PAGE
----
7 February 2012 Dynamic phase imaging and processing of moving biological organisms
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Abstract
This paper describes recent advances in developing a new, novel interference Linnik microscope system and presents images and data of live biological samples. The specially designed optical system enables instantaneous 4-dimensional video measurements of dynamic motions within and among live cells without the need for contrast agents. "Label-free" measurements of biological objects in reflection using harmless light levels are possible without the need for scanning and vibration isolation. This instrument utilizes a pixelated phase mask enabling simultaneous measurement of multiple interference patterns taking advantage of the polarization properties of light enabling phase image movies in real time at video rates to track dynamic motions and volumetric changes. Optical thickness data are derived from phase images after processing to remove the background surface shape to quantify changes in cell position and volume. Data from a number of different pond organisms will be presented, as will measurements of human breast cancer cells with the addition of various agents that break down the cells. These data highlight examples of the image processing involved and the monitoring of different biological processes.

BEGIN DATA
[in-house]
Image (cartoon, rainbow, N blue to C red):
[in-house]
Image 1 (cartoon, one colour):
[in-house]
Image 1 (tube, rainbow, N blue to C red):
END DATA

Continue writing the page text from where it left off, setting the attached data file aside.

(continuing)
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Katherine Creath, Goldie Goldstein, "Dynamic phase imaging and processing of moving biological organisms", Proc. SPIE 8227, Three-Dimensional and Multidimensional Microscopy: Image Acquisition and Processing XIX, 82270M (7 February 2012); doi: 10.1117/12.908859; https://doi.org/10.1117/12.908859
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